Text and photographs by Alan Flusser
This month my better half and I take ourselves to Pitti Uomo, the international menswear show in Florence, Italy. Due to some strange weather karma, every June, like clockwork, the city decides to test its denizens' mettle and spike temperatures into the mid-nineties. And, upon the fair’s conclusion, as if on its own timer, temperatures mystically revert back to normal. Thus does Florence, already perfectly situated for heat inversions (surrounded by mountains, heat descends with no way to escape), present certain challenges for this Manhattanite comfort freak.
Although Pitti Uomo is technically air-conditioned, the Italian hosts tend to keep the doors open so they can smoke, with the result that the cool air accumulated over the previous night is quickly lost to the great outdoors. By noon, everyone is perspiring heavily while remaining dressed to the nines, pretending that all is well while they dutifully go about their rounds considering suede or whatever.
It’s been many years since I gave up my suit and tie for shorts and a sport jacket, and boy did I get flak from the sartorial gatekeepers at the time, who alleged that my offending ensemble was yet another nail in the proverbial coffin of menswear decorum. I remember back in the early 90s when Pitti decided to honor the Texas retailer Neiman Marcus. The then-President and his entourage were to meet the first day at noon to spend the afternoon touring the fair, spreading good cheer, kissing babies, etc. The honoree arrived at the appointed hour, dressed in the obligatory suit and necktie, and proceeded to walked around for maybe forty-five minutes before abandoning both ship and crew and hightailing it for cooler climes. He is reported to have likened the hall to a pizza oven -- a metaphor which never fails to bring a smile whenever I find myself in the impossibly uncomfortable still air of the fair. Last year, I threatened to protest and pair my sport jacket with a Bermuda-cut bathing suit, but my better half prevailed.
Fortunately, such unpleasantness is always assuaged by my eager anticipation of what's to follow -- a post-Pitti week of vacation in my favorite corner of the world: the Mediterranean coast. This year, to celebrate my finishing a book nine years in the making, we are splurging and making tracks for two of my favorite watering holes, Capri and Saint Tropez. As a lifelong student and ever-hopeful witness to authentic European high-bred taste, the chances of encountering a practitioner thereof increases precipitously when sojourning in one of their summer outposts.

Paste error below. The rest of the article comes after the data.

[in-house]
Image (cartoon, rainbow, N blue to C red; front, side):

The Friday morning of the Florence show, with no more business obligations before me, we hop aboard the fast train from Florence to Naples, which nowadays deposits you there in half the traditional time: less than three hours. By midday we’ve boarded a hydrofoil ferry and are speeding along the breathtakingly beautiful Amalfi coast for a bit more than an hour before we sight one of the Mediterranean’s most gem-like ports of call: the isle of Capri.
Upon docking, our hotel’s representative escorts us off the boat as he arranges for our luggage to rendezvous with us later at the hotel. Exiting the pier, we forego a tram up the side of the mountain for more glamorous transport: a funky American fifties-style pink and turquoise four-wheeled contraption with open roof and miniature garden set behind the back seats. After twenty minutes of navigating the island’s single thoroughfare -- a road so narrow that fractions of calculated inches enable the opposing vehicles to pass as they appear out of a dizzying number of blind turns -- we arrive at the island’s summit, beyond which no cars are allowed.
Traveling now by foot down past the famous shopping piazzas and through the main shopping thoroughfare (all of thirty feet wide), we wind our way to our little homestead. La Luna is a small family hotel perched atop a sheer 400-foot drop into a gigantic inlet commanded by the island’s most iconic sight: the dramatic Faraglioni -- three towering rock formations which jut out from the Mediterranean, just off the island’s coast. Walking through our room to our terrace, it’s a snapshot of paradise.